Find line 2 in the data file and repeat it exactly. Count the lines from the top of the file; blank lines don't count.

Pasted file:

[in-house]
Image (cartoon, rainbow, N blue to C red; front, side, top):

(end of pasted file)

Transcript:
Image (cartoon, rainbow, N blue to C red; front, side, top):